All primary strains of HIV-1 studied to date use CCR5, CXCR4, or both of these major coreceptors in conjunction with CD4 to enter cells.5 Alternative coreceptors, such as CCR2, CCR3, CCR8, CX3CR1, STRL33, APJ, ChemR23, GPR1, GPR15, and STRL33,9-13,30,39,40 can also support virus infection, but typically do so less efficiently than the major coreceptors and are used by smaller numbers of virus strains.5,11,16,17,30,41 The fact that SIV strains (which do not use CXCR4) can infect CCR5− human PBMCs6,8 indicates that at least some alternative coreceptors are expressed at levels sufficient to support virus infection on primary cell types. Our evidence indicates that STRL33 is a likely candidate for supporting infection of primary cells. In addition to being expressed on B cells and some NK cell subsets, STRL33 was expressed on freshly isolated truly naive CD45RA+/CD62L+ T lymphocytes at levels (approximately 6000-11 000 ABS) sufficient to support virus infection. In fact, STRL33 was more highly expressed on this CD4+T-cell subset than CXCR4 (approximately 2000-5000 ABS24). Furthermore, mitogenic (PHA or OKT3) stimulation of primary PBLs in the presence of IL-2 increased STRL33 expression on bulk CD4+/CD25+ T cells (Figure 5B and data not shown), potentially rendering additional cell types susceptible to infection via this coreceptor.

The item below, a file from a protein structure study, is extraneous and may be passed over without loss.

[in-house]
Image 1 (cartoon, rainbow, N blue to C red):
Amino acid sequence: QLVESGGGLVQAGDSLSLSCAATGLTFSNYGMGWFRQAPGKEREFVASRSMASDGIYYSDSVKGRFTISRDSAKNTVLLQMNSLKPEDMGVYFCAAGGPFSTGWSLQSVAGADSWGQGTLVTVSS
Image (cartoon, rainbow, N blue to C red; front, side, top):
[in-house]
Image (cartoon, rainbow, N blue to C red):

Coreceptor expression levels can impact the efficiency of viral entry, and indeed we found that STRL33 expression levels strongly impacted its coreceptor function. While there was a linear relationship between CCR5 expression and infection efficiency down to very low levels of coreceptor molecules (less than 103 CCR5 ABS), STRL33-dependent infection fell sharply below a threshold level of ABS. This threshold differed depending on the virus strain used (approximately 3000 ABS for SIVmac316 and approximately 30 000 for SIVmacBK28), and the differing threshold most likely accounts for the reported differences in the ability of HIV-1 strains to use STRL33 as a coreceptor since transient transfectants express far more STRL33 (at least 30 000 STRL ABS) than GHOST-STRL33 stable cells (less than 3000 STRL33 ABS).11,16 Our results suggest that expression levels of alternative coreceptors, such as STRL33 and CCR3,30 may more strongly impact coreceptor activity compared with the major coreceptors CCR5 and CXCR4.